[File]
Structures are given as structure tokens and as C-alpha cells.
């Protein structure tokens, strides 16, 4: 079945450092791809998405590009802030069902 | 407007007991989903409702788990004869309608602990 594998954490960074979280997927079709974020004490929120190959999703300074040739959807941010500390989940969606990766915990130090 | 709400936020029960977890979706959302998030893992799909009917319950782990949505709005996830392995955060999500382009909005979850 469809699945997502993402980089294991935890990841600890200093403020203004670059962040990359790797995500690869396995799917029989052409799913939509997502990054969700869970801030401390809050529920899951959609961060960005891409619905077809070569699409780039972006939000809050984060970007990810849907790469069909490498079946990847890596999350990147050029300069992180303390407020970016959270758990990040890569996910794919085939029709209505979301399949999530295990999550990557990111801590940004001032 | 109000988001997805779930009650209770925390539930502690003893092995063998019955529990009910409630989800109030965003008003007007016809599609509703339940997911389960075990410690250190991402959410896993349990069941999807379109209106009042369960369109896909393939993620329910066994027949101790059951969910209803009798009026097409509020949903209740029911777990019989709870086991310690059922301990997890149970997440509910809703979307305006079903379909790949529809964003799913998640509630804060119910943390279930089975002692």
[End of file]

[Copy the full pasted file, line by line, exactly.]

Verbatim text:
Structures are given as structure tokens and as C-alpha cells.
């Protein structure tokens, strides 16, 4: 079945450092791809998405590009802030069902 | 407007007991989903409702788990004869309608602990 594998954490960074979280997927079709974020004490929120190959999703300074040739959807941010500390989940969606990766915990130090 | 709400936020029960977890979706959302998030893992799909009917319950782990949505709005996830392995955060999500382009909005979850 469809699945997502993402980089294991935890990841600890200093403020203004670059962040990359790797995500690869396995799917029989052409799913939509997502990054969700869970801030401390809050529920899951959609961060960005891409619905077809070569699409780039972006939000809050984060970007990810849907790469069909490498079946990847890596999350990147050029300069992180303390407020970016959270758990990040890569996910794919085939029709209505979301399949999530295990999550990557990111801590940004001032 | 109000988001997805779930009650209770925390539930502690003893092995063998019955529990009910409630989800109030965003008003007007016809599609509703339940997911389960075990410690250190991402959410896993349990069941999807379109209106009042369960369109896909393939993620329910066994027949101790059951969910209803009798009026097409509020949903209740029911777990019989709870086991310690059922301990997890149970997440509910809703979307305006079903379909790949529809964003799913998640509630804060119910943390279930089975002692």